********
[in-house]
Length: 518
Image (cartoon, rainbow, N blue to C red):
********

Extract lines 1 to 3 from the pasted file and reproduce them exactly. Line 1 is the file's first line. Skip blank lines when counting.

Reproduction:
[in-house]
Length: 518
Image (cartoon, rainbow, N blue to C red):